The Option element can only occur within a
<SELECT> element. It represents one choice, and can take the following attributes. The contents of the Option element is presented to the user to represent the option. It is used as a returned value if the
VALUE attribute is not present.
Indicates that this option is initially selected.
When present indicates the value to be returned if this option is chosen. The returned value defaults to the contents of the Option element.
NAME attribute is used to set the name of the
<OPTION> element that is sent as the name/value pair when the form is submitted.
The Internet Explorer 4.0 (and above) specific
TITLE attribute is used for informational purposes. If present, the value of the
TITLE attribute is presented as a ToolTip when the users mouse hovers over the
LANG attribute can be used to specify what language the
<DIR> element is using. It accepts any valid ISO standard language abbreviation (for example
"en" for English,
"de" for German etc.) For more details, see the Document Localisation section for more details.
LANGUAGE attribute can be used to expressly specify which scripting language Internet Explorer 4.0 uses to interpret any scripting information used in the
<OPTION> element. It can accept values of
LANGUAGE attribute is set.
CLASS="Style Sheet class name"
CLASS attribute is used to specify the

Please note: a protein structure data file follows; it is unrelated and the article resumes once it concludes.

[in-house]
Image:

<OPTION> element as using a particular style sheet class. See the Style Sheets topic for details.
STYLE="In line style setting"
As well as using previously defined style sheet settings, the
<OPTION> element can have in-line stylings attached to it. See the Style Sheets topic for details.
ID="Unique element identifier"
ID attribute can be used to either reference a unique style sheet identifier, or to provide a unique name for the
<OPTION> element for scripting purposes. Any
<OPTION> element with an
ID attribute can be directly manipulated in script by referencing its
ID attribute, rather than working through the All collection to determine the element. See the Scripting introduction topic for more information.
<OPTION> element in a document is an object that can be manipulated through scripting. Scripting of the
<OPTION> element is supported by both browsers (Netscape supports scripting through the Forms collection/array and Elements collection. See those topics for details of Netscape support for scripting the
Of the the standard Dynamic HTML properties, the
<OPTION...> element/object supports className, document, id, isTextEdit, lang, language, offsetHeight, offsetLeft, offsetParent, offsetTop, offsetWidth, parentElement, parentTextEdit, sourceIndex, style, tagName and title. Details of these can be found in the standard Dynamic HTML properties topics.
<OPTION> element supports the name, selected, text, type and value properties, which directly reflect the attributes of the same name. The
text property can be used to set, or retrieve the text of the option chosen (i.e. the text presented to the user). The
value property represents (or sets), the 'internal' value that is sent by the
<OPTION> element when the form is submitted - therefore it doesn't affect the displayed list.
<OPTION...> element/object supports all of the standard Dynamic HTML methods (i.e. click, contains, getAttribute, insertAdjacentHTML, insertAdjacentText, removeAttribute, scrollIntoView and setAttribute). Details of these can be found in the standard Dynamic HTML Methods topics.
<OPTION...> element/object doesn't support any events.
© 1995-1998, Stephen Le Hunte
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